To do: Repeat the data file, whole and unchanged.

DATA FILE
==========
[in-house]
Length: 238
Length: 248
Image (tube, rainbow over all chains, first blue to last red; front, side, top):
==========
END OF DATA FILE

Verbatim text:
[in-house]
Length: 238
Length: 248
Image (tube, rainbow over all chains, first blue to last red; front, side, top):